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Qatar Airways to increase trips to Bahrain as first flights take-off

The first flight between the two countries is set to take off on Thursday, with multiple daily flights to start in June.

Qatar Airways confirmed an increase in the number of flights to Bahrain from next month, a statement on Thursday confirmed, as direct flights between the two countries were set to take off for the first time in years.

 “Qatar Airways daily flights to Bahrain are starting today. We will increase frequency to 3 daily flights from June 15,” a statement posed on social media said. 

Flights between the two countries were suspended in 2017 after Bahrain joined Saudi Arabia, the United Arab Emirates and Egypt in imposing an illegal air, land and sea blockade on Qatar, triggering the worst diplomatic crisis in the region in decades.

However, the dispute came to an end in 2021 with the signing of the Al Ula Accords, though the pace at which countries moved to rekindle ties varied.

Bahrain was the last re-establish relations with Qatar. Bahrain’s Civil Aviation Affairs indicated a clear diplomatic rapprochement between the two nations in April when it announced its initiative to de-escalate tensions.

Flights between the two will resume “within the framework of the brotherly relations between the two brotherly countries and peoples, and in a manner that achieves the common aspirations of the leaderships and citizens of both countries,” the state agency reported at the time.

Bahrain’s Gulf Air is also expected to operate multiple daily services between Bahrain and Qatar, increasing capacity on the route, according to aviation analyst Alex Macheras.

“Doha-Bahrain previously had 10 flights per day (before the 2017 blockade). With ‘Al Ula agreement’ eventually resolving the diplomatic Gulf crisis back in Jan 2021, direct flights between Qatar and Bahrain really has been the final, much-awaited piece of the puzzle,” Alex Macheras wrote.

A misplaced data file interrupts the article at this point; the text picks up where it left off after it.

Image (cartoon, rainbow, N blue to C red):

Cooling tensions

Since the beginning of 2023, strained relationship between Doha and Manama have shown signs of improvement.

In January, Qatar’s Amir Sheikh Tamim bin Hamad Al Thani and King Hamad bin Isa Al Khalifa of Bahrain held a meeting in Abu Dhabi, marking their second encounter since the conflict started.

Shortly after the meeting, Amir Tamim and Bahrain’s Crown Prince Salman Al Khalifa had a phone conversation addressing unresolved matters.

In February, the foreign ministers of Qatar and Bahrain met for the first time since the Gulf Cooperation Council (GCC) crisis to resolve outstanding issues between them.

Experts suggest that these issues include historical territorial disputes between the two nations.

Doha and Manama nearly went to war in 1986 due to disagreements over territories such as Zubura, Janan Islands, and Fasht Al-Dibal.

Conflicts over these areas date back to 1937 when British colonialists intervened and established borders to settle the dispute. At the time, these territories were under British protection.

In 1990, both parties were advised to bring their dispute to the International Court of Justice in The Hague. The court requested evidence from Qatar and Bahrain to determine the ownership of the territories.

The case lasted for ten years and concluded in 2001 when the court granted Qatar sovereignty over Zubara, Jinan Islands, Haddad Janan, and Fasht Al Dibal. Bahrain was awarded sovereignty over the Hawar islands and Qit’at Jarada.